Kaioo Ramen

Kaioo* Ramen opened in the first week of February, replacing an unsuccessful hotpot restaurant.  With the LA ramen revolution in full swing, it’s nice to see some new places to slurp the hot bowls of noodle in the SGV.


On my first visit, I ordered the eponymous Kai Original Ramen bowl in a combo with gyoza.  The ramen came with slick, chewy yellow noodles in a delicious, rich broth.  Unlike other ramen places, the broth is a chicken broth base. The pork chashu topping came chopped up instead of in slices like the picture, but was still decent.  There was also ground pork sprinkled on top, which was a nice touch. My favorite part was the chili and chives mixture, giving eac spoonful of broth a pungent, spicy, taste.  According to the waitress, their style of ramen is Kobe style.


The gyoza that accompanied my ramen catered to the Chinese palate, which is understandable since this ramenya is located in a plaza mostly full of Chinese customers.  Instead of a garlicky filling, it had green onion or chives.  The skin was also surprisingly delicate and soft without being mushy.


After spending a week trying out ramen at other local places, Kaioo Ramen managed managed to perk my interest even then. I’m planning on returning next time for the tsukemen and the spicy chicken ramen.


Kaioo Ramen
1261 E. Valley Blvd.
Alhambra, CA 91801

* There’s some confusion in the name. The menu makes it look like “Kai Ramen” but on Yelp it says Kaioo Ramen. And on the credit card bill, it says Kai Oo Ramen.

Ramen Champ — Long Live The Champ

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Disclaimer: I was invited by a friend to Ramen Champ and did not pay for my meal.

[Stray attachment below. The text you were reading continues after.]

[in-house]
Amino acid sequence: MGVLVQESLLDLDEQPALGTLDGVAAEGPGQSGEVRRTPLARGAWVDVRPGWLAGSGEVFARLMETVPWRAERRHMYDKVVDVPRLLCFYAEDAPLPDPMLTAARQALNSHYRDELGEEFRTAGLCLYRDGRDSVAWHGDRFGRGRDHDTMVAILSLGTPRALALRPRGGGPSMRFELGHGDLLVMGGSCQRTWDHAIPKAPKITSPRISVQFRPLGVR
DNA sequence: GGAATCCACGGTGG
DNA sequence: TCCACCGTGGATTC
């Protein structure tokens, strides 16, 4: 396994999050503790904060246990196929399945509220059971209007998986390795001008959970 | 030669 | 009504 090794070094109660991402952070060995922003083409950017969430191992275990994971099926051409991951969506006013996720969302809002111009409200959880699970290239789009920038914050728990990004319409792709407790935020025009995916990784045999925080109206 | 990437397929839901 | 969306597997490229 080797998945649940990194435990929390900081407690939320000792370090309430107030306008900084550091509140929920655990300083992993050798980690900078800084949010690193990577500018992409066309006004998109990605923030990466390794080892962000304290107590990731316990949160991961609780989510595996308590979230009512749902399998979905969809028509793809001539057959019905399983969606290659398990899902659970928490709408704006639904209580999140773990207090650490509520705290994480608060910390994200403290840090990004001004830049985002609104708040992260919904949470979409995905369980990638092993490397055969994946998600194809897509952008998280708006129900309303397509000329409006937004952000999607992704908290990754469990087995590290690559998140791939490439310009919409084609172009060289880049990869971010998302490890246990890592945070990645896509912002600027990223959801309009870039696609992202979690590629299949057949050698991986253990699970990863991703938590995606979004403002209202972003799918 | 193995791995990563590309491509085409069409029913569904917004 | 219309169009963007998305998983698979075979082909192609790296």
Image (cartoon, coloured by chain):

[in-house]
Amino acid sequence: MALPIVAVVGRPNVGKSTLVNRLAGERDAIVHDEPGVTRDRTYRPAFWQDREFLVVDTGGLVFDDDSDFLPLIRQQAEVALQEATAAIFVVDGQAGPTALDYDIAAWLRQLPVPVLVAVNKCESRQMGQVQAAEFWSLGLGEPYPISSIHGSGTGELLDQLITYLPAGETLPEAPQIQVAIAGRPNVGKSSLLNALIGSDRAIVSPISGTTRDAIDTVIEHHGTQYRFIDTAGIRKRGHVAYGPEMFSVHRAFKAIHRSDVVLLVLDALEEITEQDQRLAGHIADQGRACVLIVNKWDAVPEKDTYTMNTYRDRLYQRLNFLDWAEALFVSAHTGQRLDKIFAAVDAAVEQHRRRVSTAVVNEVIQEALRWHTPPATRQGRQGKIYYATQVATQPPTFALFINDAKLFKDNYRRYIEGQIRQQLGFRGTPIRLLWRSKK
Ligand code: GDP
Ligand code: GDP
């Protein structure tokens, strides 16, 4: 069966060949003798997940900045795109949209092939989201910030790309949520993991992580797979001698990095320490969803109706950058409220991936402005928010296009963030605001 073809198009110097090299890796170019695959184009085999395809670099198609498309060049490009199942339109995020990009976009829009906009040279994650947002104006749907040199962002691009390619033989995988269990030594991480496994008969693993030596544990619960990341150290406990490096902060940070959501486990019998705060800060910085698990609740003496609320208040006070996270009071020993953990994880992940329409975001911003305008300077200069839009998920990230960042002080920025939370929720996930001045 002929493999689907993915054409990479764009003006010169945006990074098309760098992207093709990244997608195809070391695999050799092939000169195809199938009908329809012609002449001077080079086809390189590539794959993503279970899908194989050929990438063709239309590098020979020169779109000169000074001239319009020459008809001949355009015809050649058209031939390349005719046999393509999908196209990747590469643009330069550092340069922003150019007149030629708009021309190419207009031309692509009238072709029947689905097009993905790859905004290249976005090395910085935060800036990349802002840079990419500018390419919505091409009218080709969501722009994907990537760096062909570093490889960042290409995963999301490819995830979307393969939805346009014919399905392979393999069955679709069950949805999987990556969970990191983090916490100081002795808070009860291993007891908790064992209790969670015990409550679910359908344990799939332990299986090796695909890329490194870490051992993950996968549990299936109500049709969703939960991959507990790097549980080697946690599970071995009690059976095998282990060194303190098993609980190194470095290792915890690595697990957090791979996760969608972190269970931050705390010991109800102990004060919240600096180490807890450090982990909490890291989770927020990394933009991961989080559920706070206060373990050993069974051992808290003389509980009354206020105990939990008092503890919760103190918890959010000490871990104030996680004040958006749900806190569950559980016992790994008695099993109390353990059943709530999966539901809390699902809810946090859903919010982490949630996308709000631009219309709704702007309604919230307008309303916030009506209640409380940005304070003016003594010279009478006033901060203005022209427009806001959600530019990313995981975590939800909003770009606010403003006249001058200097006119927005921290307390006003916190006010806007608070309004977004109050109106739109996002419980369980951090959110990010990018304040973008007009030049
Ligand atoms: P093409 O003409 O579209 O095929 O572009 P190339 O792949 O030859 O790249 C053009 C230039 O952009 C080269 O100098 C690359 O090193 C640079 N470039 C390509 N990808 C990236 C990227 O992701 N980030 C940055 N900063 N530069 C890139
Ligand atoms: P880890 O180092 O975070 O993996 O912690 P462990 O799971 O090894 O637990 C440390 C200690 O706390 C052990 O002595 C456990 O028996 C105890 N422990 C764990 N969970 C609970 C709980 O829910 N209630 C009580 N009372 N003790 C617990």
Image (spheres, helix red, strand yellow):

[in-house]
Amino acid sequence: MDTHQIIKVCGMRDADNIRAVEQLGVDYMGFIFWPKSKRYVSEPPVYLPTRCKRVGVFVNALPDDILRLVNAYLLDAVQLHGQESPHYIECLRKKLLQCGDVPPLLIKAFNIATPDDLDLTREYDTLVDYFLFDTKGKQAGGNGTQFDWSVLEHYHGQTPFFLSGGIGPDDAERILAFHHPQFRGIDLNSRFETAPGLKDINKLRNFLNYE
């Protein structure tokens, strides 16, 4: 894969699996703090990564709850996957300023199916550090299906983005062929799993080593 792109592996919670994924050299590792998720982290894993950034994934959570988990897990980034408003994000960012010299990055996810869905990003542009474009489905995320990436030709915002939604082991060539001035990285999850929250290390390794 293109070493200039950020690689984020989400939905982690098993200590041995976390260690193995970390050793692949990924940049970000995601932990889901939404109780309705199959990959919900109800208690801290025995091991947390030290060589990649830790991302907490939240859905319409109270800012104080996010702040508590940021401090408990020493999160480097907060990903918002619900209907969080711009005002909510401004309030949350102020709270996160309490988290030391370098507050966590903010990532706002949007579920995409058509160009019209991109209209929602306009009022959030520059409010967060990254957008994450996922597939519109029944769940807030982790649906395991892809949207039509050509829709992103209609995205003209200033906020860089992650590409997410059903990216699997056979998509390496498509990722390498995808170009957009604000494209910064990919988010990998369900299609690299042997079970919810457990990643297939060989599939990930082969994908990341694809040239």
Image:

When I first walked into the small ramen restaurant, what caught my eye was the bold black on white drawings on the wall.  If you look carefully, you’ll see a narrative created by noodles.  While plenty of places are nice to look at, I’m glad to say that Ramen Champ has both style and substance. It’s a rare thing to have a place offer vegan ramen. It’s a rarer thing for this place to not only be a normal restaurant offering non-vegan options, but also have one of the best bowls of ramen in LA.

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The tonkotsu ramen here is not for the faint of heart. Literally.  The amount of pork packed into this bowl of ramen should come with a warning label like the ones on roller coasters. The rich soup is less of a broth and more of a porky gravy that coats each strand of chewy noodle to make a perfect mouthful.  The toppings include curling slivers of green onion, crunchy slices of radish, a soft boiled egg, sliced pork belly, and a drizzle of garlic oil.  As much attention should be paid to the flavorful, slightly sweet, soft slices of pork as to the broth.